Archive for March, 2009
03/03/2009 will be remembered as the darkest day in Pakistan cricket’s history. As the world watches in disbelief, some cowards sitting somewhere will be celebrating because they have achieved their objectives, at least for the short term. No international team will visit Pakistan in the forseeable future and only a miracle can save Pakistan from this mess. The irony, of course, always is that the terrorists wanted this to happen, and life is so sacred that no foreign team will be willing to risk their lives for the sake of defeating the terrorists’ nefarious objectives. Does this make it an unwinnable war against terror, because no one will (perhaps rightfully) ever want to visit Pakistan following this barbaric act?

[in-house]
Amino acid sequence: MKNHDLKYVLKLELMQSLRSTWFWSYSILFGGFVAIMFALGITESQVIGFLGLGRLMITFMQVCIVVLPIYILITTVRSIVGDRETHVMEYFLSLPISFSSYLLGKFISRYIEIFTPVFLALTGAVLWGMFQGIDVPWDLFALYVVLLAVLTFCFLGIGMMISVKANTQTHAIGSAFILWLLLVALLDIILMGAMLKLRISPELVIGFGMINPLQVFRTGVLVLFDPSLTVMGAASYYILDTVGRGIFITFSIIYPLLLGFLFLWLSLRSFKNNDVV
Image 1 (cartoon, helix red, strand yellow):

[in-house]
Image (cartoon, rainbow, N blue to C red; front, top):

Terrorism has no religion and no borders. After the events of today as some Indians passionately rejected any possibility of an Indian hand in this atrocity, they asked what India would achieve by doing this? Someone can easily ask, what would Pakistanis or Muslims achieve by doing this? After the endless list of all terror attacks that have happened across the globe following 9/11, could patriotic Pakistanis, or Muslims risk tainting the name of their country and/or religion by engaging in these activities? At the moment most Pakistanis are simply thinking about where they will get their next meal from, and under these circumstances what possible terrorist motives could they have?